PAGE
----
Jack Ma: In 30 years, the best CEO could be a robot

Jack Ma in 60 seconds
Jack Ma in 60 seconds

Even top tech executives think they could be replaced by robots one day.

Alibaba founder and chairman Jack Ma, the man Fortune Magazine just named one of the world's great leaders, predicts that technology will make many CEOs irrelevant in the not-too-distant future.

"In 30 years, a robot will likely be on the cover of Time Magazine as the best CEO," Ma said in a speech over the weekend at an entrepreneurship conference in central China. And he warned of dark times ahead for people who are unprepared for the upheaval technology is set to bring.

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"In the next three decades, the world will experience far more pain than happiness," the billionaire said, adding that education systems must raise children to be more creative and curious or they will be ill-prepared for the future.

Robots are quicker and more rational than humans, Ma said, and they don't get bogged down in emotions -- like getting angry at competitors.

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But he expressed optimism that robots will make life better for humans in the long run.

"Machines will do what human beings are incapable of doing," Ma said. "Machines will partner and cooperate with humans, rather than become mankind's biggest enemy."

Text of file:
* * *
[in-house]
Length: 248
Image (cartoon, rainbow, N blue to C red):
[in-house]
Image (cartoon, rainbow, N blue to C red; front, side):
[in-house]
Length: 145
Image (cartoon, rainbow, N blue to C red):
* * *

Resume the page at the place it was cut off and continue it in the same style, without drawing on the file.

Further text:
Jack Ma Davos
Alibaba founder Jack Ma says "the world will experience far more pain than happiness" in the next 30 years.

That's a more relaxed outlook than that of another global tech leader, Elon Musk. The Tesla (TSLA) and SpaceX CEO said in 2014 that artificial intelligence is the greatest existential threat to humans, and he's now hoping to harness it in a way that will benefit society.

Ma's remarks come as Alibaba (BABA) continues to expand beyond its main e-commerce business. The company is a leading provider of cloud computing that has been pushing the power of big data and has expanded into digital media.

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Ma predicts that technology will eventually create a problem plenty of office workers would love to have: a shorter work week.

"In 10 or 20 years, people will work less than four hours a day, maybe three days a week," he predicted. With less time spent working, he said, we will question how to live.

-- Nanlin Fang contributed to this report.

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